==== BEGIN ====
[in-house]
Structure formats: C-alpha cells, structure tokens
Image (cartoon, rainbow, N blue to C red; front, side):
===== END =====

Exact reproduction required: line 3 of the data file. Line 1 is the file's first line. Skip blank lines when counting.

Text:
Image (cartoon, rainbow, N blue to C red; front, side):